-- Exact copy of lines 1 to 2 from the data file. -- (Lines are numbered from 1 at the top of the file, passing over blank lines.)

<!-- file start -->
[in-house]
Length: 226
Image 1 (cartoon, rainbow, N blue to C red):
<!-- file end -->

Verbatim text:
[in-house]
Length: 226